Federal Comment on Data Sharing in Support of Evidence Building

  • Relationship barriers — Data flow at the speed of trust, and trust can be difficult to establish across agencies interested in building evidence through data sharing. Too often agencies lack a common language, are focused on their own distinct priorities, and are operating under time and resource constraints. We have found that frequent, sustained, and collaborative cross-agency data governance is the key to overcoming these inevitable challenges.
  • Real or perceived legal barriers — While navigating the disconnected web of privacy laws, it is difficult to get beyond the default “no” stance many agencies take towards data sharing. Agency counsel are conditioned to be risk averse. However, when agency leadership clearly articulates the benefits of sharing and empowers lawyers to “work towards yes,” with guidance on best practices, legal counsel can support routine processes to ensure data sharing meets all legal and privacy requirements.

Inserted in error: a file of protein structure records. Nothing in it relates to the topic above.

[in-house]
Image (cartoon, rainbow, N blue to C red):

• Data quality standards and documentation — Data linkage and use for evidence-based policymaking is made much more difficult by lack of standardization (e.g., common fields in different datasets defined differently) and lack of good metadata to help assess data quality. Spending time and resources on these activities, as well as on upstream improvements to data collection, can make a difference at the local level, but strong federal guidance is needed.
  • Secure and flexible technical approaches — There is much work to be done in advancing best practices and standards for data sharing technology, both technology that facilitates the linkage of data extracts from across agencies and technology that facilitates access to the linked datasets for analysis. In our experience, the focus should be on ensuring that purpose drives design and data remain a public asset. Too often, agencies each procure their own custom solutions only to find that data are “held hostage” by expensive and inflexible third-party technology providers. While these technical challenges are common, we find they are usually avoidable or surmountable if relational, legal, and data issues have been properly approached and resourced.